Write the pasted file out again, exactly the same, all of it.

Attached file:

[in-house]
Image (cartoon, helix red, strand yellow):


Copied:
[in-house]
Image (cartoon, helix red, strand yellow):